How about a warmer, kinder, more fun and inclusive Northern Powerhouse?
We’re in danger of creating a very Victorian, industrial, top hat, moustache and breeches notion of the Northern Powerhouse if we’re not careful.
The recent criticism of the Northern Powerhouse Conference for selecting an all-male speaker list is one aspect of this, but it isn’t the whole story.
In terms of branding, speakers and themes the Northern Powerhouse conference depicts a very masculine idea of what success for the North of England will look like. As Eddy Rhead from Manchester Modernist Society commented on Twitter: “Call me an old leftie but.. no reps for health, welfare, social inequality?”
The Northern Powerhouse isn’t and shouldn’t be depicted as all HS2, airports and shiny new towerblocks imagined by footballers. Of course these are important, but if we’re going to measure success in terms of residents’ wellbeing as well as wealth then there also needs to be equal room at the table for creativity, for artists, for charities and the voluntary sector – and not just as an afterthought or token add-on. We need to create a warmer, more inclusive notion of what ‘powerhouse’ means – something that residents can relate to and which they feel will make them happier and healthier, as well as richer.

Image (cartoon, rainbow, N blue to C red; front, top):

Hope Mill Theatre in Ancoats is one alternative ‘Northern Powerhouse’ success story. Set up by couple Joseph Houston and Will Whelton just a year ago, it was announced today that its production of HAIR, co-produced with Aria Entertainment, is transferring to London. They have even launched Powerhouse Plays to encourage Northern writers or plays with strong Northern Themes.
For another alternative take on what makes the ‘Northern Powerhouse’ check out the Wonder Women 2017 festival taking place next month. Its programme looks fantastic – and a lot more entertaining than the very corporate line-up for the Northern Powerhouse event.
Here’s hoping that the agenda for the alternative ‘People’s Powerhouse’ event set up by Chief Executives Jo Miller and Donna Hall of Doncaster and Wigan Councils is equally inspired. Because that’s the sort of Northern Powerhouse I want to be a part of.